By Charles Matthews

Thursday, April 29, 2010

5. "Negotiating With the Dead," by Margaret Atwood, pp. 123-151

"5. Communion: Nobody to Nobody, The eternal triangle: the writer, the reader, and the book as go-between."
Her advice to her writing students: "Respect the page. It's all you've got."

Advice to the reader:
Pay no attention to the facsimiles of the writer that appear on talkshows, in newspaper interviews, and the like -- they ought not to have anything to do with what goes on between you, the reader, and the page you are reading, where an invisible hand has previously left some marks for you to decipher.
As a beginning writer, "My failure was my failure to imagine a reader."

We assume too easily that a text exists to act as a communication between the writer and the reader. But doesn't it also act as a disguise, even a shield -- a protection? 

The nobody-writer must throw off the cloak of invisibility and put on the cloak of visibility. As Marilyn Monroe is rumored to have said, "If you're nobody you can't be somebody unless you're somebody else." ... But once both book and Dear Reader become multiplied by thousands, the book becomes a publishing statistic, and Nobody can be quantified, and thus becomes a market, and turns into the great plural Them, and Them is another thing altogether.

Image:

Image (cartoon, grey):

Cyril Connolly "breaks success down into social success: not too bad, because it can provide material; professional success: the regard of one's fellow artists, on the whole a good thing; and popular success, a grave danger." 

Keats praised negative capability, and unless a writer has something of this quality, she will write characters that are mere mouthpieces for her own views. But if she has too much negative capability, doesn't she risk being turned into melting wax by the strength of her audience's desires and fears, interacting with her own? 
"This brings me to my last question: where is the writer when the reader is reading? There are two answers to that. First, the writer is nowhere.... [T]he second answer to the question ... is, 'Right here.'"

She tells the story of her first reader; a Brownie troop leader called Brown Owl, whom she met again many years later, after she had put Brown Owl into her novel Cat's Eye. Brown Owl presented her with the stories she had written fifty years earlier.
So that is who the writer writes for: for the reader. For the reader who is not Them but You. For the Dear Reader. For the ideal reader, who exists on a continuum somewhere between Brown Owl and God. And this ideal reader may prove to be anyone at all -- any one at all -- because the act of reading is just as singular -- always -- as the act of writing.

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